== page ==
"Jesus Calling" A Review

Tim Challies reviews Sarah Young's enormously popular book Jesus Calling. In it, Young claims direct revelation from Jesus Christ. Oddly, while Young claims the entries in her book are the words of Jesus delivered to her, she cautions the reader to not regard them as authoritative as Scripture. But how can this be? If her book is Jesus speaking (which she explicitly claims) then how can those words be less authoritative or binding as the Scriptures? Indeed, if Mrs. Young has written down the words of Jesus that He spoke directly to her, then how can they not be Scripture? Unfortunately, her many admirers seem not to mind her troubling claim or incoherent contradiction.

Challies writes:

James Montgomery Boice once said that the real battle in our times would not be the inerrancy or infallibility of Scripture, but its sufficiency—are we going to rely on the Bible or will we continually long for other revelation? In Jesus Calling we see this so clearly. Young teaches that though the Bible is inerrant and infallible, it is insufficient. It was not enough for her and, implicitly, she teaches that it cannot be enough for us. After all, it was not reading Scripture that proved her most important spiritual discipline, but this listening, this receiving of messages from the Lord. It is not Scripture she brings to us, not primarily anyway, but these messages from Jesus.

On this basis alone this book is very suspect and needs to be treated with the utmost care. Young offers us words that she insists come straight from the Lord. But she gives no proof that we should expect the Lord to speak to us this way; all she offers is her own experience of it. At this point we are left with a few options. We can stop reading altogether, we can continue to read while rejecting her claims that these are words from the Lord, or we can read and take her at her word. Personally, unless reviewing the book, I would abandon it immediately. If she claims to be speaking Jesus’ words, I am no longer interested. However, for the sake of reviewing it, I continued to read.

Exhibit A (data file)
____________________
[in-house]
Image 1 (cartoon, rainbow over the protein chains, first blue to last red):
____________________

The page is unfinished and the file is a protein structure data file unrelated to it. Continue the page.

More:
Dr. Boice was right. Clearly, the battle over inerrancy continues. But more often it is the sufficiency of Scripture that is under constant attack in evangelical circles. "God told me," "God spoke this word in my heart," etc are frequent appeals to extra-biblical revelation. And yet such claims are ubiquitous among evangelicals. We make bestsellers out of fanciful tales of people's trips to heaven. How gullible have we become? We must ask, "When did God's Word become insufficient?" When did the Bible need the help of mystical experiences? extra words from God? or a little boy's trip to heaven and back?

Challies continues:

It is interesting that the majority of the devotionals are affirmations rather than commandments which means that the book tends to be more descriptive than prescriptive. It is less about Jesus telling how we are to live, but more about who he is, who we are, and how to enjoy his Presence. It is notable that these affirmations span only a very narrow range of the Christian experience. It is equally notable that many of Jesus’ words sound very little like what he says in the Bible. For example, “Let the Light of My Presence soak into you, as you focus your thoughts on Me.” And shortly after, “Learn to hide in the secret of My Presence, even as you carry out your duties in the world.” I do not even know what that means or how it might be applied. There is no clear command there for me to obey and no clear word about who Jesus is.

Jesus Calling is, in its own way, a very dangerous book. Though the theology is largely sound enough, my great concern is that it teaches that hearing words directly from Jesus and then sharing these words with others is the normal Christian experience. In fact, it elevates this experience over all others. And this is a dangerous precedent to set. I see no reason that I would ever recommend this book.

Read the entire review HERE